2020 General Assembly

Andrew Marsh/Conn Center.

Kentucky lawmakers want Congress to redefine the federal definition of hemp.

A state resolution that passed overwhelmingly in the Kentucky House Tuesday asks the federal government to loosen regulations that could require farmers to destroy their hemp crops.

Farmers grew 92 percent of Kentucky’s hemp harvest last year for CBD. It’s a popular compound users claim has medicinal benefits. CBD-rich hemp also has low levels of the intoxicating compound THC, which is found in marijuana.

Hemp must have THC levels below 0.3 percent or else the government can classify it as illegal marijana and require farmers to destroy the crop.


Anti-Pipeline Protest Bill Moves To Kentucky Senate

Feb 11, 2020
Erica Peterson

A bill discouraging protests against pipelines and other “key infrastructure” has passed out of the Kentucky House of Representatives after a receiving an amendment quelling some advocates’ free speech concerns.

Republican Sponsor Rep. Jim Gooch of Providence pre-filed the measure shortly after Louisville Gas & Electric began pursuing eminent domain actions to build a natural gas pipeline in northern Bullitt County.

The House approved an amended version of House Bill 44 on Monday that would make tampering with the operations of a “key infrastructure asset” in ways that are dangerous or harmful a Class D felony punishable by up to five years imprisonment and up to a $10,000 fine.


Sydney Boles

Leaders of Braidy Industries, the controversial aluminum mill planned for northeastern Kentucky, told lawmakers on Tuesday that they still need $500 million before they can break ground.

The update comes shortly after the company fired former CEO and chairman Craig Bouchard, the company’s founder who has claimed the project would revolutionize the aluminum industry and revitalize the region’s economy.

Braidy Industries executives largely refused to answer questions about Bouchard’s ouster or what would happen if the company was unable to raise enough money.

 


Creative Commons

Corporal punishment would be outlawed in the state’s public and private schools under a measure passed in the Kentucky House Friday morning.

Kentucky is one of 19 states where it’s still legal for school staff to inflict pain on students as a form of discipline – usually with a wooden paddle to the behind.

“A child learns what he lives,” Rep. Maria Sorolis (D-Louisville) said on the floor, speaking in support of the ban. “If a child learns with violence, he will learn to fight. We are sophisticated enough now that we can teach and discipline to disciple, rather than to merely punish.”

Baishampayan Ghose/Creative Commons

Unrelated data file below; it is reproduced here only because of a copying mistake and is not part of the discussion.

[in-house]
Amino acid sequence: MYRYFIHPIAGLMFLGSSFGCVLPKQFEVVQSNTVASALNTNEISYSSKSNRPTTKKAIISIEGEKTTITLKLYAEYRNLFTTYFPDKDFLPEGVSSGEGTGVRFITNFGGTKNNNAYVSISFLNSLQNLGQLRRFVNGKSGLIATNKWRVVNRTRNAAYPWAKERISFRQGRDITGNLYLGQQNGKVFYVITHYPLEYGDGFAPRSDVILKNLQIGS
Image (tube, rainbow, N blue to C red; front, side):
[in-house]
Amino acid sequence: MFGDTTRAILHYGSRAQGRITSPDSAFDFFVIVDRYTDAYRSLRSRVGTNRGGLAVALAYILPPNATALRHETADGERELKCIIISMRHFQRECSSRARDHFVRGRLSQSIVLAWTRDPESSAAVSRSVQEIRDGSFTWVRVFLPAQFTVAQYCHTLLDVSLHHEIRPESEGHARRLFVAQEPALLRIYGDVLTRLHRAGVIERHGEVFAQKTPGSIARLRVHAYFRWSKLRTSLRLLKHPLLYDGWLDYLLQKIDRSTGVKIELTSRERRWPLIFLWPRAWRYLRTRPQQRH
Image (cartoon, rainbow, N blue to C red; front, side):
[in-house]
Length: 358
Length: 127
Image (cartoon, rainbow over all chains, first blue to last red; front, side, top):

Gov. Andy Beshear is trying to rally support for a bill that would legalize sports betting in Kentucky as the proposal continues to languish in the Republican-led state House of Representatives.

Supporters say the proposal would raise about $22 million per year in revenue for the state, which has struggled to make enough money to cover budgeted expenses in recent years.

Beshear held a press conference on Thursday as a show of force for the bill, with supporters advocating how the measure could raise funds for services like education, pensions and healthcare.

J. Tyler Franklin, WFPL

Kentucky’s regional universities are worried about a spike in the amount they have to put into the state’s pension system and, after more than a decade of cuts, are asking for the legislature to give them more funding.

Regional universities like Eastern Kentucky University, Murray State University and Western Kentucky University currently have to contribute an amount equal to 49 percent of every employees’ salary back to the retirement system.

That amount is about to increase to 93 percent. The universities say that would force them to cut services and raise tuition.


Flickr Creative Commons

Gov. Andy Beshear is trying to rally support for a bill that would legalize sports betting in Kentucky as the proposal continues to languish in the Republican-led state House of Representatives.

Supporters say the proposal would raise about $22 million per year in revenue for the state, which has struggled to make enough money to cover budgeted expenses in recent years.

Beshear held a press conference on Thursday as a show of force for the bill, with supporters advocating how the measure could raise funds for services like education, pensions and healthcare.


Thinkstock

A bill that would automatically clear the criminal records of people acquitted of committing a crime unanimously passed out of a legislative committee on Wednesday.